Discharge often difficult at children's hospitals
Discharge often difficult at children's hospitals
Too few post-acute pediatric options exist
A researcher and pediatric physician who has studied insurance and immigration issues related to medical care has found that several myths create an emotional response that complicates the medical and political issue of who should pay for health care for undocumented immigrants.
For example, the average costs of medical care for immigrant children is considerably less than the cost of medical care for children who are not immigrants, says Susmita Pati, MD, MPH, senior co-director of the Children's Hospital of Philadelphia (CHOP) and director of research programs for FOCUS, which is a program supported by the Dean of the University of Pennsylvania's School of Medicine.
Pati also is an assistant professor of pediatrics at CHOP and the University of Pennsylvania in Philadelphia.
Pati's research has shown that what is spent on health care for an immigrant child is one-third as much as the average spent on children who are not immigrants.1
And immigrant children are far less likely to be insured, particularly through public health insurance, since immigration reform in the late 1990s.2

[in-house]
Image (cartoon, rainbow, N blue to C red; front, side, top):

"The prevailing misconception in the general populace is that immigrants are draining our health care system because they don't have insurance and that it costs more to take care of them," Pati says.
"Another myth is that tons of immigrants are on public insurance rolls, and the study I published shows that also is not true," Pati says. "Immigrant kids are much more likely to be without coverage."
However, discharge planning for hospitalized children is challenging regardless of the child's insurance or immigration status, she notes.
"We might have trouble finding an appropriate home care provider when children need antibiotics via IV or if they need additional therapy for a head injury in an accident," Pati explains.
There are too few long-term care or rehabilitation facilities for children, she says.
"It's a chronic problem, and for children who have mental health needs, inpatient psychiatric facilities are incredibly lacking, as is reimbursement for those types of services," Pati says.
"Some things are easier to arrange than others," she adds. "But in general, long-term types of care like rehabilitation are very poorly reimbursed when compared with antibiotic administration, and those are inherent challenges we have in the system."
At CHOP, there is a dedicated group of people who work to find coverage for children who don't have it, Pati says.
"When a family doesn't have insurance coverage, they work with the family to apply for whatever they might be eligible for or to arrange for a payment plan or for charity care," she says. "Those are the three options."
Many hospitals do not provide this service, Pati notes.
"Unfortunately, there are cases where no post-hospital care can be worked out very quickly, and children sometimes stay in the hospital a few extra days," she adds. "But that's obviously not ideal for anybody."